• It is a clinically challenging diagnosis since its differentiation from progression of the initial opportunistic infection, the development of a new opportunistic infection, an unrelated organ dysfunction, or drug toxicity cannot be easily made.
    • Patients should receive supportive care. Systemic corticosteroids may be indicated and initiated after consultation with an infectious disease specialist.

  • Special considerations for the pregnant patient

    • Pregnancy should not prevent diagnostic imaging that may assist in diagnosing opportunistic infections. Abdominal shielding should be considered to limit radiation exposure to the fetus.
    • Immediate initiation of ART should be considered when opportunistic infections are diagnosed in pregnant patients. This can minimize transmission of disease to the fetus.

  • System-specific complications and special considerations

    • Central nervous system:

      • Reported complications: encephalitis, seizure, lymphoma, meningitis.
      • Altered mental status should be worked up with CT or MRI of the brain to evaluate for mass-occupying lesions, and lumbar puncture to evaluate for opportunistic infections.
      • Broad-spectrum antibiotics, antivirals, and antifungals should be started if there is suspicion for meningitis in the setting of a low CD4 count.

    • Pulmonary:

      • Reported complications: pneumonia, tuberculosis, PCP-related pneumothorax, and fungal infections.
      • A chest radiograph (CXR) may be nonspecific. A chest CT should be considered in the setting of hypoxia or dyspnea with an equivocal CXR.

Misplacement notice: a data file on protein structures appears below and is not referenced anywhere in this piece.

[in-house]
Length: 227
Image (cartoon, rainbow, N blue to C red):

• Cardiovascular:

      • Reported complications: pericardial effusion, dilated cardiomyopathy, myocarditis, coronary artery disease.
      • An electrocardiogram should be performed urgently if the patient presents with chest pain.
      • Consider bedside ultrasonography to evaluate for pericardial effusion and cardiac ejection fraction in the patient presenting with heart failure symptoms.

    • Gastrointestinal:

      • Reported complications: diarrhea, esophagitis, pancreatitis, and liver failure.
      • Check for hepatitis B and C co-infections.

    • Renal:

      • Reported complications: HIV nephropathy, and acute renal failure.
      • HIV nephropathy is an indication for the initiation of ART.
      • Stop all nephrotoxic medications and hydrate the patient.
      • Some antiretroviral drugs are associated with nephrolithiasis and should be avoided.

Vasopressor of choice: Patients with AIDS who are presenting with hypotension and evidence of shock are likely to be in septic shock. Norepinephrine is currently the initial vasopressor of choice in this situation.


AIDSinfo. Guidelines for the use of antiretroviral agents in HIV-1-infected adults and adolescents [Internet]. 2011 [updated March 27, 2012]. Available from: (accessed September 22, 2012).

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Feb 17, 2017 | Posted by in CRITICAL CARE | Comments Off on Complications of human immunodeficiency virus (HIV) and acquired immunodeficiency syndrome (AIDS)